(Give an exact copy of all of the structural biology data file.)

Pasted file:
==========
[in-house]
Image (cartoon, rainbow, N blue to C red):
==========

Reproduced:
[in-house]
Image (cartoon, rainbow, N blue to C red):